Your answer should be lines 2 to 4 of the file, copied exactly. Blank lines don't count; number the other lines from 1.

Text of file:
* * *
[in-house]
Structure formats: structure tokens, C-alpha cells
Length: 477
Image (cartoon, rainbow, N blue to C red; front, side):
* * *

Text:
Structure formats: structure tokens, C-alpha cells
Length: 477
Image (cartoon, rainbow, N blue to C red; front, side):